DOCTOR: Well, we have some test results now. We’re still waiting on more information from Texas, where they are analyzing the contents of the nodule we removed from your lungs.

ENGLISH MAJOR: But we know it’s not tuberculosis, right?

DOCTOR: Right. And not a fungus. Not histoplasmosis.

ENGLISH MAJOR: Oh. So. It’s not contagious, is it? I won’t infect my family and friends by breathing on them, or by coughing?

DOCTOR: That would be highly unlikely.

ENGLISH MAJOR: Unlikely isn’t quite the same thing as impossible, but I suppose. . .

DOCTOR: The infection in your lungs does appear to be one of the rapid growing bacteria.

ENGLISH MAJOR: Rapid growing? That doesn’t sound good.

DOCTOR: Well, although that is the scientific term for this type of bacterium, in your case, the infection is indolent.

ENGLISH MAJOR: (laughing) Indolent!?

DOCTOR: You think that’s funny?

ENGLISH MAJOR: No. No. It’s just that, when you encounter that word in literature. . . or. . . whatever, anyhow, it means lazy, just lying around and not doing anything.

DOCTOR: Oh. Well, I suppose you could say that this bacterium is lazy. It does not, in fact, spread rapidly, in spite of its name.

ENGLISH MAJOR: So. An oxymoron.

DOCTOR: What? I know you’re not calling me a moron.

ENGLISH MAJOR: No. No. That’s a term for two words used together that contradict each other. You know, like “open secret” or “friendly fire,” or “an absolute maybe.”

DOCTOR: Or an indolent rapid grower. I get it.

ENGLISH MAJOR: You know, I’ve been rather indolent myself. Over the past few weeks since the surgery. Not much get-up-and-go. Weaning myself off the meds.

DOCTOR: Any problems with that?

ENGLISH MAJOR: Not really. I’ve just been in kind of a “wait and see” mode, you know. Wondering what happens next.

DOCTOR: With your treatment?

ENGLISH MAJOR: Yes. And with my life. My priorities. How I need to be making
plans. . .

DOCTOR: Well, as far as this condition is concerned, you still have plenty of years ahead of you. This is not going to be a fatal disease.

ENGLISH MAJOR: You’re sure.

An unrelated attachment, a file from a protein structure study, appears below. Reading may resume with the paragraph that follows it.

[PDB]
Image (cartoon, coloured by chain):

DOCTOR: Highly unlikely.

ENGLISH MAJOR. As good an answer as I’ll get, I suppose. So we’ll begin treatment now, right?

DOCTOR: Not quite yet. We know in general what kind of infection it is. But there are three different strains. And we need to find the best antibiotic to fight it. That can be tricky. It’s why we need to speciate it.

ENGLISH MAJOR: Oh. Let me guess. To find out exactly what species it is, right? What kind of rapid growing bacterium that’s not growing rapidly.

DOCTOR: Um. exactly. . . I can tell you that most likely it is a form of something called “mycobacterium avium.”

ENGLISH MAJOR: “Avium?” something to do with birds?

DOCTOR: Birds? No. . . As I was saying. . .


DOCTOR: As I was saying, sometimes they used to call this category of bacteria Mac.

ENGLISH MAJOR: Wait. I’m googling it.

DOCTOR: Don’t—

ENGLISH MAJOR: Oh. My. God. This does not look good. It says here that during the AIDS crisis, early days, people who were HIV positive would come down with Mac, and it invaded their bodies and did all kinds of damage and—

DOCTOR: Shh. Shh. Yes. This infection is dangerous for people with compromised immune systems.

ENGLISH MAJOR: Compromised. Like the immune system is untrustworthy because it has made some kind of dirty deal with. . . what?

DOCTOR: I am going to ignore that question. Because in your case, you appear to have a very robust immune system. So—

ENGLISH MAJOR: Robust. I like that. But. Then how did this thing get into my lungs? Since, you said, it’s not contagious. And my immune system is supposedly robust.

DOCTOR: Who knows? These germs are in the air we breathe, the dirt we walk on or handle. This one may have been in your lungs for quite some time. Your body appears to have been fighting it off, sealing it up so that it couldn’t do damage.

ENGLISH MAJOR: Oh. Then. . .

DOCTOR: Let me explain. In terms of what you discovered about HIV. While for people like you, the infection spreads very slowly, for those with compromised immune systems, this bacterium can be very exuberant.

ENGLISH MAJOR: (laughing) Exuberant? Exuberant. Like “energetic,” “celebratory,” “Hooray! Hooray. The receiver just caught the long pass for the touchdown.” Like that?

DOCTOR: “Exuberant” is the medical term for it. But yes, I suppose. . .

ENGLISH MAJOR: Not “aggressive.” Not “invasive.” Exuberant.

DOCTOR: I’m glad to have made you laugh. That doesn’t happen so often with these consultations. So. . . Do you feel less worried now?

ENGLISH MAJOR: Yes. And a bit less indolent. Maybe not quite exuberant. Not yet. But relieved. More optimistic. More ready to get up and get on with it.

DOCTOR: Good. So. Let’s make another appointment in a few weeks. We should have all the results by then. And we can begin treatment.

ENGLISH MAJOR: Fine. And I want to thank you for being so patient with my . . . interpretation of—

DOCTOR: Believe it or not, I am looking forward to working with you. As a patient. . . Get it? This should be an interesting, maybe even an entertaining, venture. For both of us.


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